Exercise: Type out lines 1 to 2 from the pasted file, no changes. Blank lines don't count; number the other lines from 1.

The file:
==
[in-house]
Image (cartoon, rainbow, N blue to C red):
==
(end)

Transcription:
[in-house]
Image (cartoon, rainbow, N blue to C red):